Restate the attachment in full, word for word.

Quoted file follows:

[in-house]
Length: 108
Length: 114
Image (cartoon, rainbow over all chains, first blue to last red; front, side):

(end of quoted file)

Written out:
[in-house]
Length: 108
Length: 114
Image (cartoon, rainbow over all chains, first blue to last red; front, side):